Tactical advice for people who weren’t hired to write product content but find themselves doing it anyway.
Every now and then I’ll come across a small example of problematic content and then publicly comment on it, usually on Twitter. I enjoy the discussion that comes from talking about small language choices, like the implication of using an exclamation point instead of a period. I’m always curious about who wrote it and whether their decisions were intentional or the result of words thrown together at the last minute.
It’s surprising to me that so often these harmless discussions catch the attention of a small, often pseudonymous but vocal minority that’s quick to tell me words don’t matter.
“This isn’t worth caring about.”
“If you think this matters, your priorities are out of whack.”
“Don’t you have anything better to do?”
“Really? What a lame thing to worry about.”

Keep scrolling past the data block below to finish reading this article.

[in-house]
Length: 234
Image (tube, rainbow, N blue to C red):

As much as I’d like to dismiss these people and block them from my Internet life, the truth is that they are rudely vocalizing what many other people believe: content, especially the words that live inside interfaces, doesn’t matter all that much.
Companies and individuals spend time on the things they care about and value. They make time, even if they don’t have much to spare. They find a budget to cover critical responsibilities even when money is tight. Still, in the world that I work in, the world of technology, apps and interfaces, there is often no time or money to create great content. I can only conclude that’s because a lot of people don’t think content matters or worse, they don’t think about it at all.
Confusing, jargon-filled and badly considered content may not stop people from using your product if they have no alternative, but shouldn’t we aspire to more than that? We are humans building products for humans. What we say and how we say it matters. How we make our customers feel through our language choices matter.
Few words, big impact
Although it’s easy to mistake micro-content as trivial because of its size, when you’re writing words that go into an interface you’re actually doing a bunch of serious things: